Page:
Fairfax considers overhauling county pay system

Local,Virginia,Taylor Holland,Fairfax County

Fairfax County's top administrator wants to change the way the county pays its employees to ensure it has enough money to survive a pair of looming budget shortfalls.

County Executive Ed Long said he realized the county's compensation program was becoming "financially unsustainable" after spending about $50 million on employee pay raises last year -- the first raises for the 12,000 workers in three years -- and after determining that the county budget would be out of balance by $169 million in 2014 and as much as $274 million in 2015.

Rather than freeze employee wages again, Long is proposing a new pay system that would give employees a cost-of-living pay increase in odd-numbered years and a performance-based pay increase in even-numbered years. By rotating the two types of pay increases rather than lumping them together, the county will save as much as $30 million each year, he said.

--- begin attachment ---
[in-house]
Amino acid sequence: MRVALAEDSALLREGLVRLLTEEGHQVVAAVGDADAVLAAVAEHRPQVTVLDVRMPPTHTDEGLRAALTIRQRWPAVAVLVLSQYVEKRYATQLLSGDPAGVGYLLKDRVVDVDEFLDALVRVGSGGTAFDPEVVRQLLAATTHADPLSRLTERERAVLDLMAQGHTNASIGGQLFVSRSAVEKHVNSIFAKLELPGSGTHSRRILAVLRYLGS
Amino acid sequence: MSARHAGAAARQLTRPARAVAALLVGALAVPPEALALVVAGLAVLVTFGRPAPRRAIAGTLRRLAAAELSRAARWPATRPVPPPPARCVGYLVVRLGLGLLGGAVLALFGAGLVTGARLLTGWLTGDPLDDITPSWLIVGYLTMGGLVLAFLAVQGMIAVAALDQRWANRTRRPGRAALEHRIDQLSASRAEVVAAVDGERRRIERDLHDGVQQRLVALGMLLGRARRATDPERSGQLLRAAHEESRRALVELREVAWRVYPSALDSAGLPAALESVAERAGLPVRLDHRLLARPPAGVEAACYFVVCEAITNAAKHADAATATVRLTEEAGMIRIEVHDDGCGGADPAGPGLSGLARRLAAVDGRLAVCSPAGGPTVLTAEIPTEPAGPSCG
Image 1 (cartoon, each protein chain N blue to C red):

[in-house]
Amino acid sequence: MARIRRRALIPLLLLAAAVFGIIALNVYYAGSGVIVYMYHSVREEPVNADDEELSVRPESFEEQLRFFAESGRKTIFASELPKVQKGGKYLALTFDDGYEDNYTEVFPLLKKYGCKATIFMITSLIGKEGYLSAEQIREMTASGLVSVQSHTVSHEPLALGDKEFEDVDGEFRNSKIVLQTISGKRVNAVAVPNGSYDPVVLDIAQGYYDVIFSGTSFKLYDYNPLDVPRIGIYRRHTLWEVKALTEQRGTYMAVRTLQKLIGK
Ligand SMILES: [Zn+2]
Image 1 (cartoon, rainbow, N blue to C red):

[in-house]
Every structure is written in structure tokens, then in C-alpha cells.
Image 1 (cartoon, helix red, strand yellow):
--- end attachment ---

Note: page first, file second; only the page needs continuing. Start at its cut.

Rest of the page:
"It is clear that employees' peace of mind regarding pay has eroded," Long said. "It is essential that compensation expectations be recalibrated to better balance fiscal realities with employee needs and desires."

Long's proposed system would also encourage individual supervisors to promote current employees to fill open positions rather than hire outside applicants, a move he said would encourage employees to work hard even though they know they won't receive raises or evaluations some years.

Sharon Bulova, chairwoman of the Fairfax County Board of Supervisors, said she was pleased with Long's proposal, which puts in place an "extremely valuable" foundation.

Other board members, however, weren't sold on the idea.

Supervisor John Cook, R-Braddock, expressed concerns with the program and its ability to motivate employees and keep them from "jumping ship" to other local governments.

"We need to make sure that, over time, staying with the county makes economic sense," Cook said.

It will be especially important for the county to avoid high turnover given that nearly half of its workforce will be eligible for retirement in 2015. Long's system addresses this by requiring all employees who leave the county to complete exit interviews and otherwise share knowledge about their jobs with their successors.

Long said he plans to schedule a series of meetings with employees in the coming months to discuss the program, which won't take effect until fiscal 2015.

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